Drive-by Murder of Mob Heir Leaves Israeli Police Fearing New War Among Families

The police are concerned that Rico Shirazi’s group will try to avenge his son’s killing, if only to prove that he is still a player and his control of the field hasn’t weakened.

The scene of a drive-by shooting in Tel Aviv, May 7, 2016.
Tomer Appelbaum

Police fear that Saturday’s slaying of the presumed heir to one of the country’s biggest crime groups could trigger a new war among rival families.

Shai Shirazi, 32, was murdered in a drive-by shooting in north Tel Aviv. He was identified both by the police and local criminal elements as the likely heir to his father, crime boss Rico Shirazi.

Shai Shirazi was described as a charismatic man who stood out among the second generation of Israeli crime family “princes.”

Slain Israeli crime family member Shai Shirazi in a 2009 court appearance.
Nir Kedar

The police are concerned that Rico Shirazi’s group will try to avenge his son’s killing, if only to prove that he is still a player and his control of the field hasn’t weakened.

When Shai Shirazi was only 13, his father was convicted of being an accomplice to the murder of a Netanya criminal, Moshe David, and was jailed for five years. He was released in 2001, at about the same time the huge Trade Bank embezzlement affair was revealed. Police suspect a substantial amount of the money in that crime went to Shirazi, but he was never formally charged.

That same year, Shai Shirazi got an expensive BMW as an 18th birthday present from his father. A few days after receiving it, he took part in an illegal race and caused an accident that killed two of his close friends, Sharon Meshiv and Elad Rosenblum, both also 18.

Rico Shirazi in court in Tel Aviv, December 7, 2015.
David Bachar

Shirazi was convicted of causing death by negligence and was sentenced to two years’ imprisonment in 2003. According to police sources, when the son went to jail, the father understood that he was destined to follow in his footsteps and the two began to plan for when the younger man would inherit his father’s empire.

In April 2009, Shai Shirazi was involved in a violent and deadly incident. As part of the war between rival crime families, he came to a club in Netanya to demand protection money from the owners. Arthur Matayev, one of the owners, refused and called for people to back him up. A brawl ensued, during which Shirazi and his associates stabbed Matayev and his people, beat them with clubs, and kicked and punched them. Matayev died of stab wounds to his head, arms and neck. As part of a plea bargain, Shirazi was convicted of aiding a murder and sentenced to five-and-a-half years in prison.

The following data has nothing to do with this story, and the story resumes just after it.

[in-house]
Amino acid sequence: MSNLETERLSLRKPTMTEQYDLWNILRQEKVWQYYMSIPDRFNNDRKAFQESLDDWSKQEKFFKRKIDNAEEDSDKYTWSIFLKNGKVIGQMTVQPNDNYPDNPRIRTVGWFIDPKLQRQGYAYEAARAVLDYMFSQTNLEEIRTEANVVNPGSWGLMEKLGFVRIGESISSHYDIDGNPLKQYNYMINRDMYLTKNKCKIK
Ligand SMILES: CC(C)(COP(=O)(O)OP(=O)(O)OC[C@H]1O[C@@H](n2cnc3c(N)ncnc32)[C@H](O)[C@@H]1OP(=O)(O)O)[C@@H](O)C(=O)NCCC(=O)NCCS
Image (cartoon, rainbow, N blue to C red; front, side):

Shirazi’s death is a blow to the family’s organization. The elder Shirazi is currently in jail after receiving an eight-year sentence last December for tax evasion and money laundering. He was arrested last August during the major organized crime investigation that was dubbed Case 512.

The Shirazi family has been party to many disputes with other organized crime families, particularly the Abutbul family. In recent years, the younger Shirazi has been acting more like a businessman, focusing on gray market loans. As part of this business, police say, he had a number of disputes with small criminal gangs trying to build themselves up after Case 512 dealt a serious blow to some of the larger organizations. That case led to serious indictments against many senior organized crime figures, including brothers Yitzhak and Meir Abergil.

Rico Shirazi was told about his son’s murder in his prison cell on Sunday. His request to attend the funeral was rejected, with the Israel Prison Service saying security would have been too burdensome. He is expected to be allowed to visit his son’s grave at a later date.